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Toyota Sienna Sliding Door Problems



  • pamulapamula Posts: 5
    Let me see if we have the same problem-- when you press the button to open it, when it is closed, it tried but does nothing-- you can see it try to move but does nothing.. but when it was open it would hum and try to move foward-- goes about a 8th of a inch and sounds horrid and then stops. Sometimes when it is open, I have to pull the handle and kinda help it a little to get it going but when its closed I just lift up on the handle and it is fine.

    I went to a Toyota mechanic today and he told me he thinks the cable that goes to the latch is not on or is stretched out. He said I would have to buy a whole new lock assembly that would be over 200 and with labor it would be a 300 fix. I am hoping this is the case. My husband is in Iraq and this is driving me insane. I m wondering if I should go to the dealer and see if it can be fixed under a TSB. It is so frustrating-- we were out and it was working fine to open it and when my son went to close it, Bam! UGH!!! Please keep me updated, my user name is my email at AOL
  • I am having the same problem. About a week ago my car went into the shop because the sliding door was not working. They told me it was the ACTUATOR- this cost $400- to fix.
    They sent the car back to me and the door was even more broken than before. It did open once but, as it opened, it sounded like there was a piece of paper stuck in the track of the door. After that, it would not open any more AND there was a broken cable sticking out from under the (third row) window.
    Back in it went and today they told me the cable needed to be replaced and it would cost $1100-!!! :surprise: :cry: :mad:
    I Just got off the phone with Customer Service (1-800-331-4331).
    I was pleasantly surprised by how nice they were.
    They documented the history, gave me a CASE #(0904127518)
    and forwarded the case to the Customer Relations Mgr at the dealer we use.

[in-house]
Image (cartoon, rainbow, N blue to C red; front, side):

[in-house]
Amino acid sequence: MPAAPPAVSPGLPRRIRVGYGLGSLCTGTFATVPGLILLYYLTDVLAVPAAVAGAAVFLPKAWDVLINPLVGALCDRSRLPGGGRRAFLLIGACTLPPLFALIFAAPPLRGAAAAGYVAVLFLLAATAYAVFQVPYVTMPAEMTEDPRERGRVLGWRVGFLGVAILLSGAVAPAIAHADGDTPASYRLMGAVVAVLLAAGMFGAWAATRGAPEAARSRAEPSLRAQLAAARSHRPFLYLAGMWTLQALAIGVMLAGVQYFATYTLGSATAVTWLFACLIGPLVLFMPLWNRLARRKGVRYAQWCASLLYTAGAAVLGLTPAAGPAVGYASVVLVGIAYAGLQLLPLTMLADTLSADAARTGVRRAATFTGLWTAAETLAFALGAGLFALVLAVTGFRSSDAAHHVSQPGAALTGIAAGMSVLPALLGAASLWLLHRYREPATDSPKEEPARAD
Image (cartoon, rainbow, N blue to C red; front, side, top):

I just touched base with him (he was not as nice as CS Rep), He said he will review and get back to me.
    I'll let you know how the saga unfolds.
  • Yes, this is the same problem I had. the rear latch is not being released by a cable that is connected to the front latch/handle. There is a small plastic piece that has broken. This pcs allows the door to be locked as well as engages/disengages the child proof switch. Its a poor design. They quoted me $800 CDN for the latch plus installation. My cable broke and they fixed it as part of my extended warranty but failed to address the root cause that being the latch bushing was broke. I have no success in convincing toyota to fix it.
    My door has not worked for the last year. Thank fully I have 1 manually door.!!!
  • pamulapamula Posts: 5
    My locks still work as do the child lock so I don't know if it is the same problem..
  • My Sienna is a 2000 XLE with over 200K miles. Has been very dependable but now have problem with the sliding door. Sometimes doesn't want to shut entirely and sensor beeps indicating it is not shut and the door needs to be manually pushed shut to close. We have locked out the door entirely for the last year so it stays shut but is a pain. Have not taken to a dealership for analysis...have just lived with it. When door shuts in track, sounds like grinding noise. Any ideas? Also, we are evaluating whether to keep the sienna or replace?? Most people say they can be good to 300K miles. Any experience with reliability much above 200K miles/ Any feedback would be appreciated. Thanks

  • skijennskijenn Posts: 3